Thursday, March 21, 2019


The Bible has some interesting words about finding joy in hardship. Our traditional interpretations of these passages - at least the ones I am familiar with - tend to limit and relegate this concept to necessity only. However, after long living a life devoted to maximizing efficiency and avoiding difficulty at every turn, I was scraping the ice off my car window this morning and pondering the concept.

I thought to myself "if I had realized my car window would be frosted, I would have started my car 20 minutes ago so that I would not have to scrape my windows right now." And then I thought, "sometimes when it is especially cold, I will prefer to sit in my car and wait for the windows to defrost instead of taking a few moments to scrape them." Further, "I am so smart for avoiding scraping my windows." Into, "wait, am I smart for avoiding scraping my windows? It is faster, uses less fuel and requires a small effort on my part which is good for me. Isn't scraping my window just effort over inconvenience? Why is it important to me to avoid doing this? The discomfort isn't extreme and there is a satisfaction in knowing I've accomplished something." Which led finally to, "perhaps there is much, much more to the concept of finding joy in hardship than I have ever considered before. Perhaps working through hardship is healthy and satisfying - like any work. Perhaps it is integral to being alive. A life with no hardship is possibly just bland and a bit pointless."

Then I thought, "my parents would scoff at me for comparing window scraping to hardship. Maybe hardship truly is only grief-inducing tragedy and I am just way off-base here. Maybe the verse really should be relegated to its typical limitations. Maybe hardship is to be avoided at all costs. Maybe I am just insane."

So, I will have to ponder this at greater length.  

Tuesday, March 19, 2019

Why a Google Pixel Slate?

...or, isn't the Chromebook C302 enough for you?

It is. The Chromebook C302 is and has been awesome. In the years I've owned the device it hasn't lost a single step in terms of speed or usability. Also, as I've grown accustomed to Chrome as an OS, it has become more and more useful. I've learned many of the boundaries of what I can handle as cloud-based and what I need to be local. The benefits of "working in the cloud" are nice, to be sure. 

So... why do I feel like I need an upgrade? What does the Pixel Slate offer?
Well, to be honest, it doesn't offer very much. That's the reason why I haven't really pushed to get one. The processor of the m3 model is not a very large step up in performance (even theoretical performance) over the m3 processor in my current Chromebook. Plus, performance issues have not plagued my Chrome experience - quite the opposite actually. But it does offer one specific thing that I have been wanting to make use of recently and that's the ability to draw.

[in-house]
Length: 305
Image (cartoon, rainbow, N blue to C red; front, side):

The Chromebook C302 is a magnificent device that has served all of my needs in unexpected ways and convinced me of the soundness to the theory of moving away from a Windows-centric computing experience. It does more for me than any Windows-based laptop I've ever owned or worked with and has completely convinced me to stick with ChromeOS as my go-to mobile operating system. Even so, you cannot draw on the C302. It wasn't designed for it and it doesn't have the hardware for it. 

So why not simply buy the hardware for the Asus C302?
Well, that seems a decent solution, but a lengthy round of Google searches will reveal that drawing tablet support on Chromebooks is a bit spotty. Google won't acknowledge it, which is disappointing. Even more concerning, though, is the fact that compatible apps are hard to determine and seem to be dependent on which input device you've purchased. Furthermore, decent input devices are still quite pricey (though not $800). These concerns lead me to a place where I would feel much safer and wiser in simply purchasing a device that is designed to work for drawing from the ground up.

Why not get the HP X2 or the Pixelbook?
I would. The Pixelbook especially. If the $999 version of the Pixelbook ever went back on sale for $699, I think that's easily the best option of the bunch. It seems like that this is the event to look out for. The detractors here are 1) the Pixelbook is supposedly discontinued and 2) the sale events are unpredictable. 
The HP X2 is another amazing option and I only have two small concerns about it: 1) it is heavy. 2) it is ugly. Neither one of these concerns are deal-breakers by any means.

However, even with the two potentially better options stated above, there is something that the Google Pixel slate has which neither of these does: style for a similar price. And I am vain. I would love to have that sweet, understated Google style to slip into my bag in a light and convenient package built for drawing and chromebooking.